What if an accident or illness leaves you unable to manage your financial affairs or tell your doctors how you’d like to be treated? Three documents can inform your spouse, partner, or trusted friend of your preferences in a health crisis and give them the power to act on your behalf.

Think of a financial power of attorney, health care proxy, and living will as an “Open, sesame!” that gets things done when you can’t do them yourself in a health crisis. Without them, even your nearest and dearest may be shut out of decision-making conversations with doctors or lack the means to pay the mortgage without going through time-consuming and stressful court proceedings. With those documents, they can make sure your finances stay healthy as you recover.

The good news is that the process is simple and inexpensive. In general, all you need to do is properly complete a fill-in-the-blanks form that’s a few pages long and sign it in front of a notary public. Because some states have their own health care proxy forms, it’s best to Google the name of your state and “health care proxy” to download the proper form. Some banks and brokerage companies also have proprietary forms; in that case, you may need to prepare both your state’s official form and the form provided by your financial institution. Forms can be downloaded for free; Nolo’s award-winning WillMaker Plus software costs $54.99 but also includes all advance directive and estate planning forms.

There’s one catch, though, and it’s key: You have to sign and officially stamp these documents before a health crisis happens. Once a health crisis occurs, it’s too late. 

Financial Power of Attorney: Paying the Bills

The last thing you want in a healthcare crisis is to get better and find that your finances are a mess. A financial power of attorney gives the person you designate—called “your agent”—the legal authority to tap your assets to take care of such important money management tasks as: paying your bills and mortgage, operating your small business; filing your taxes; collecting your Social Security benefits; handling transactions with your bank and brokerage. You can give your agent as much or as little power as you wish.

A financial power of attorney can be drafted so that it goes into effect as soon as you sign it. Many couples have an active financial power of attorney for each other in case something happens to one of them. If that’s your choice, be sure to specify that you want the power of attorney to be “durable,” otherwise the authority will automatically end if you become incapacitated—exactly when your spouse needs it.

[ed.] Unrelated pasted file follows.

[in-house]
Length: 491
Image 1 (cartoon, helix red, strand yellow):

You can also specify that you want to maintain control over your affairs until a doctor certifies that you have become incapacitated. This “springing” durable power of attorney—so-called because it springs into effect only under certain circumstances—can be reassuring if you prefer to be completely in charge. 

Health Care Proxy: Acting on Your Wishes

With the healthcare industry’s emphasis on patient privacy, it is critical to appoint a health care proxy. Also known as a durable power of attorney for health care or, less commonly, a medical power of attorney, this directive appoints a proxy to oversee your medical care and make health care decisions for you if you are too ill or injured to speak for yourself.

A health care proxy affects your finances by permitting or declining what can be very costly forms of treatment. She can also make choices— such as where you do rehab—that can help you achieve a full recovery.

“It’s critical to have a health care proxy, even for married couples,” advises Mantell, because the HIPAA (Health Insurance Portability and Accountability Act) Privacy Rule prevents medical professionals from sharing information or allowing you to implement a loved one’s wishes without that piece of paper. The proxy also gives someone who’s not your spouse access to the information they need to make medical decisions on your behalf. “It just makes things easier,” Mantell says.

Living Will: Explaining What You Want

To make your wishes clear, you need a third legal document: a health care directive, also called an advance directive or “living will.” This is where you articulate how far you want the doctors to go in preserving or prolonging your life. For example, do you want cardiopulmonary resuscitation (CPR) or other extraordinary measures? Do you want to be intubated to assist in breathing or nutrition? Or would you prefer only palliative care to decrease pain and suffering?

The proxy and the living will depend on each other. “The health care proxy gives you access to information but it doesn’t tell you what your loved one wants to happen. And the health care directive doesn’t do any good unless you have the proxy,” notes Mantell.

“It’s hard to talk about these topics but do it anyway,” Mantell says. “You can’t figure this stuff out when you’re in the middle of an emergency. That’s too late.”